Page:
The patent document is published by an Industrial Property Office both of applications and patent grants. In this type of document is included the specification which discloses accurately the invention for which the protection is sought

Before beginning to write the specification, a number of elements should be taken into account in order to determine whether the invention may be protected by invention or utility model patent and the possibilities of its subsequent commercialization. As a starting point, the search for the state of the art defines the form of protection and, is the input for the writing of the specification since it allows to establish the state of the art and the need or problem that seeks to solve the invention to protect.

Another important element is the active follow-up of the inventors in order to be able to supply sufficient information to unequivocally understand the invention and, thus be able to capture all the technical characteristics of the same within the document.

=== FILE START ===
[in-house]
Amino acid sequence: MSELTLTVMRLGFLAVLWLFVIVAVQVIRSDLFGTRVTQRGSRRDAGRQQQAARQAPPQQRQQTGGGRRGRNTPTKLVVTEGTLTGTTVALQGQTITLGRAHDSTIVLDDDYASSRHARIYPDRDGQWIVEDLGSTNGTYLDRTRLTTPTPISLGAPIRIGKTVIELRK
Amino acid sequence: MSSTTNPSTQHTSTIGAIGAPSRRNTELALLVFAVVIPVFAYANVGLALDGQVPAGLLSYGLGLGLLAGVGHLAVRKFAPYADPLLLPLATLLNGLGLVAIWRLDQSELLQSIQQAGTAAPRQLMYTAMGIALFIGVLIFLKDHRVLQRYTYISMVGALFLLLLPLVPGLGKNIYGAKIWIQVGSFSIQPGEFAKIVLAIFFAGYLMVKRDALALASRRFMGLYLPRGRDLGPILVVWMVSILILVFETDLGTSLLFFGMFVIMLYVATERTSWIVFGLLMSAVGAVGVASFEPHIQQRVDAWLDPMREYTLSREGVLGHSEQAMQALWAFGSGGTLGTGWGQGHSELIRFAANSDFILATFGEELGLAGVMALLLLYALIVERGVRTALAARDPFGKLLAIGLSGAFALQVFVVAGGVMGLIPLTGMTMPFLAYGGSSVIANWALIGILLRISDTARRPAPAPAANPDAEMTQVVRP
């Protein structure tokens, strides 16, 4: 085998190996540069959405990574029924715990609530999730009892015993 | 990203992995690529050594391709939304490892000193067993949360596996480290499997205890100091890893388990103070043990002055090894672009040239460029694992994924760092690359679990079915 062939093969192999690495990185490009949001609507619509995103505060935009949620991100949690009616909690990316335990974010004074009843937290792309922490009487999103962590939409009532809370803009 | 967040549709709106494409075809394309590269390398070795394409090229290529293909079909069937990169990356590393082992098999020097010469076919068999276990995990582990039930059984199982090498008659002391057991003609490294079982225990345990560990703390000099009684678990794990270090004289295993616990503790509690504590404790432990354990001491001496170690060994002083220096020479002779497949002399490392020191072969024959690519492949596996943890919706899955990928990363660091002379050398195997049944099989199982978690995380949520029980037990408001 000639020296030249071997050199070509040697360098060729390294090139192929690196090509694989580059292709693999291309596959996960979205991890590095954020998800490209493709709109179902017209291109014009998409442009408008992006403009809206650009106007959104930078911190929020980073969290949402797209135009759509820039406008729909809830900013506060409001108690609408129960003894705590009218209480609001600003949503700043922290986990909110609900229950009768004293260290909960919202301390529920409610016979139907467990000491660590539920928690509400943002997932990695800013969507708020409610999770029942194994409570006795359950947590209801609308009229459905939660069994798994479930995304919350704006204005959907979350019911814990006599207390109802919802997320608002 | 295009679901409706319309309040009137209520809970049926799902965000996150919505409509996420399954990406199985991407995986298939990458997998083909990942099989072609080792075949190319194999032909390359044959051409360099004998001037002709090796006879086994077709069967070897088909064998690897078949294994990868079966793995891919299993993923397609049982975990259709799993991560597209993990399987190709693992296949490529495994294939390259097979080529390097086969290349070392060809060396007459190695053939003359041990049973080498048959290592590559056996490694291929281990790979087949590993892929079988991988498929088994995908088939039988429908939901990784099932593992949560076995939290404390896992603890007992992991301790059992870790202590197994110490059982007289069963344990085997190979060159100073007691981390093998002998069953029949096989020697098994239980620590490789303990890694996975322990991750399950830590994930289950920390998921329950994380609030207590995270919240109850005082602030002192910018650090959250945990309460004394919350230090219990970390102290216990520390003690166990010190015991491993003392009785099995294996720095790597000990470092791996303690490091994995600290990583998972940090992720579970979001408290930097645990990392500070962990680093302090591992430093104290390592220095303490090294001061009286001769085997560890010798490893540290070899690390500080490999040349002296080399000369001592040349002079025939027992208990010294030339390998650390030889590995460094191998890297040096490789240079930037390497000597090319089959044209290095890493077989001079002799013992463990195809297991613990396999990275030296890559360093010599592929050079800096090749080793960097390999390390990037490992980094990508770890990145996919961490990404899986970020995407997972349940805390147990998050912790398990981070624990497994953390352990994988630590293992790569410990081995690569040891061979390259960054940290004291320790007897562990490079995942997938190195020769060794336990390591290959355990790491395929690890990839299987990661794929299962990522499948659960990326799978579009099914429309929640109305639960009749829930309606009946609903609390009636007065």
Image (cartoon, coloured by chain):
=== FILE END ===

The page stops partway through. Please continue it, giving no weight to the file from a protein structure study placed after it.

Once the invention is understood, the patent document can be started, which consists of the following parts:

  • Title
  • Technical field
  • Background
  • Description of the invention
  • Claims
  • Summary
  • Figures

These parts are fundamental and each of them fulfills a specific function within the document. In addition, they have to share a structure and the uniform use of words and terms at the time of writing the patent document, i.e., always preserve the same expression for each element that forms part of the invention.

The most important part within the document is the set of claims containing the subject matter for which the protection is specifically requested. Therefore, it is essential that the wording of said claims allows them to be clear, concise and widely supported in the patent document in order to determine a suitable scope of protection.

Another important aspect during the drafting is to avoid its disclosure before filing the patent application anywhere in the world, given that this may affect the novelty and hence the future protection of the invention.